The crystal method

With a charming French accent and a certain je-ne-sais-quoi, Pierre Huyghe took center stage before a packed house at the University of Chicago’s Max Palevsky Cinema to apologetically admit that his film project “The Host and the Cloud” could not be shown as scheduled. He mentioned some legal setbacks–but of what sort, he made no mention. The expectant crowd greeted the news with befuddlement.

This was Huyghe’s second appearance at the UofC. In 2000, the Renaissance Society exhibited one of Huyghe’s first major installations in the United States. Since then, he has emerged as one of the hottest new figures on the conceptual art scene, with works appearing at the Venice Biennale and in the Tate Modern Gallery. And with a spot in the upcoming 2012 Documenta festival in Germany, Huyghe certainly has the accolades to be anything but reasonable.

Yet Huyghe happily adjusted the evening’s schedule to present photo stills of a few of his earlier works, hoping to translate the mood of his forbidden film into an ad hoc slideshow. With passion and enthusiasm, he beckoned the audience into his wildly transposable spaces of reality and fantasy. “There is a protocol of fiction embedded in any condition,” he explained, “and I wish to intensify the coefficient of that fiction, not so much to live in it, but to catch a moment, reinvent it, and create a crystal.”

But each of Huyghe’s crystals is part of a larger lattice system: each piece is interrelated with another, and art breeds more art. “L’expédition scintillante/A musical” is a three-act journey climbing the floors of a museum–passing by a tugboat made of ice (melting over time) to a display of colorful curls of smoke to a black ice-skating rink on the final level. This wild quest was the genesis of a frozen tundra-themed series of works, inspiring “A Journey That Wasn’t,” which involved reconstructing an Antarctic island in the middle of New York’s Central Park. Not content to simply build a model of the icy isle, Huyghe gathered geographic data from the actual landmass and translated them into musical notes, which were played by an orchestra on site.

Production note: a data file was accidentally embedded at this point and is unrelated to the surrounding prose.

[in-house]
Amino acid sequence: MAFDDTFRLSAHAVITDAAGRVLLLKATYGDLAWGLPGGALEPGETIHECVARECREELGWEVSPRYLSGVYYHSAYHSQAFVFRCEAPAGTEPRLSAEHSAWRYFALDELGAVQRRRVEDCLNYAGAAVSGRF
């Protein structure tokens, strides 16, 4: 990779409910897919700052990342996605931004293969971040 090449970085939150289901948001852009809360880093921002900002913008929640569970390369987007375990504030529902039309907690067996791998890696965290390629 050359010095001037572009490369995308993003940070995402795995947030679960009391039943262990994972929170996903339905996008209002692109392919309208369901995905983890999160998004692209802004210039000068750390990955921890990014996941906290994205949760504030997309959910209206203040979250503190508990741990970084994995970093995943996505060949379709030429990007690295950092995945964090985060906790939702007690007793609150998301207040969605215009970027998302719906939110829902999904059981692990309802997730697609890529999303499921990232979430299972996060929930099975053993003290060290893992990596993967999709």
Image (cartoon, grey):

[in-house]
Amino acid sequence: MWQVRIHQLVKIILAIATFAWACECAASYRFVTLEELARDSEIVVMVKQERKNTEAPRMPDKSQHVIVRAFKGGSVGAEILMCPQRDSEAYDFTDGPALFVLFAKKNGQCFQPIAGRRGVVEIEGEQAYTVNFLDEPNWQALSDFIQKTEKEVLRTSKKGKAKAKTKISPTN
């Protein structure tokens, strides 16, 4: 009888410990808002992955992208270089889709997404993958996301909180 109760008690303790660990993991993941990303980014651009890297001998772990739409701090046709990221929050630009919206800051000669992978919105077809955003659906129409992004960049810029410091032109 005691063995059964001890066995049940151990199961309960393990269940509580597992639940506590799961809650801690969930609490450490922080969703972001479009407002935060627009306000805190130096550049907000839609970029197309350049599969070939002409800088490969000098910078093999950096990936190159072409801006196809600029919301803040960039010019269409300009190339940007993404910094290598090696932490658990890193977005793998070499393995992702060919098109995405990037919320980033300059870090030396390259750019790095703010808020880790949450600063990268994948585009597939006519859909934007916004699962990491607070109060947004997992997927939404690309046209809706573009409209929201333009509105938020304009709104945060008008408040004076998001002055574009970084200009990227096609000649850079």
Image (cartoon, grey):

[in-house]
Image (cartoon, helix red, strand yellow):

While he couldn’t play the actual film, to the audience’s delight, Huyghe closed the show with a screening of a ten-minute “making-of” documentary of “The Host and the Cloud.” The video clip showed scenes in a Parisian museum unfolding uncontrolled: outrageous theatrics, pumpkin carvings, and a model solo on her runway.

“I simply put the conditions for narrative, an hypothèse, so that the narrative can happen,” he said, commenting on his role as the orchestrating artist. “I aim to produce a supplement of reality. I know that sounds a little bit pretentious, but well…” Here he cut off, embracing the laughter of the crowd before him.